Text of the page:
Sometime after the divorce, when my mother had to sell the farm, I visited our lady slipper sanctuary in the woods for the last time in the middle of May, seeking what I hoped might still be there, but I knew was no longer.  The split rail fence still stood, guarding nothing but old memories.  No lady slippers bloomed. There was not a trace they had ever been there.  They had simply given up and disappeared.

The new owners of the farm surely puzzled over the significance of the small fenced-in area in the middle of our woods.  They probably thought it surrounded a graveyard of some sort.

And they would be right – it did.

An embroidery I made for my father after he replanted the lady slippers — on the back I wrote “The miracle of creation recurs each spring in the delicate beauty of the lady slipper – may we ourselves be recreated as well…”

Once more, once more into the sunny fields
Oh, let me stray!
And drink the joy that young existence yields
On a bright, cloudless day.
Once more let me behold the summer sky,
With its blue eyes,
And join the wild wind’s voice of melody,
As far and free it flies.
Once more, once more, oh let me stand and hear
The gushing spring,
As its bright drops fall starlike, fast and clear,
And in the sunshine sing.
~Frances Kemble “A Farewell”

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By the Shade of Thought and Dreams

In the high woods that crest our hills,
Upon a steep, rough slope of forest ground,
Where few flowers grow, sweet blooms today I found
Of the Autumn Crocus, blowing pale and fair.
Dim falls the sunlight there;
And a mild fragrance the lone thicket fills.


Languidly curved, the long white stems
Their purple flowers’ gold treasure scarce display:
Lost were their leaves since in the distant spring,

Their February sisters showed so gay.
Roses of June, ye too have followed fleet!
Forsaken now, and shaded as by thought,
As by the human shade of thought and dreams,
They bloom ‘mid the dark wood, whose air has wrought
With what soft nights and mornings of still dew!
Into their slender petals that clear hue,
Like paleness in fresh cheeks; a thing
On earth, I vowed, ne’er grew
More delicately pure, more shyly sweet.

Child of the pensive autumn woods!
So lovely, though thou dwell obscure and lone,
And though thy flush and gaiety be gone;
Say, among flowers of the sad, human mind,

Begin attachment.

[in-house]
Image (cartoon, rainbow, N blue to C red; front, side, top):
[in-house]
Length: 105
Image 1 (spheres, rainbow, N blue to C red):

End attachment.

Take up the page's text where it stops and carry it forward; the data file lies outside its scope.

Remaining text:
Where shall I ever find
So rare a grace? in what shy solitudes?

~Robert Laurence Binyon “Autumn Crocus”

The early September emergence
of autumn crocus is always unexpected,
surprising even when I know where they hide
in the shade of spent peony bushes.

They are bound in waning summer dreams beneath the surface,
their incubation triggered by retreating light from above,
unlike their springtime cousins who emerge to the sun through snow.

The autumn crocus waits with thoughtful temerity,
summoned forth from earthly grime
to remind us the end of summer is not the end of them or us.

A luminous gift of hope and beauty
borne from a humble bulb;
plain and only soil-adorned.

Slowly unfurling on a pale leggy stem,
the tender lavender petals peel back to reveal golden crowns of saffron,
brazenly blooming when all else is dying back.

In the end, they too painfully wilt, deeply bruised and purple –
under the Sun’s reflection made manifest;
returning defeated, inglorious, fallen, to dust.

Yet we know – they remind us – they (and we) will rise again.

we know what is coming behind the crocus. The spring comes slowly down this way; but the great thing is that the corner has been turned. . . It remains with us to follow or not, to die in this winter, or to go on into that spring and that summer.
C.S. Lewis from God in the Dock

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A Sultry Day

It is a sultry day; the sun has drunk
The dew that lay upon the morning grass;

There is no rustling in the lofty elm
That canopies my dwelling, and its shade
Scarce cools me. All is silent, save the faint
And interrupted murmur of the bee,
Settling on the sick flowers, and then again
Instantly on the wing. The plants around
Feel the too potent fervors: the tall maize
Rolls up its long green leaves; the clover droops
Its tender foliage, and declines its blooms.
But far in the fierce sunshine tower the hills,
With all their growth of woods, silent and stern,
As if the scorching heat and dazzling light
Were but an element they loved.


…I woo the wind
That still delays his coming. Why so slow,
Gentle and voluble spirit of the air?
Oh, come and breathe upon the fainting earth
Coolness and life! Is it that in his caves
He hears me? See, on yonder woody ridge,
The pine is bending his proud top, and now
Among the nearer groves, chestnut and oak
Are tossing their green boughs about. He comes;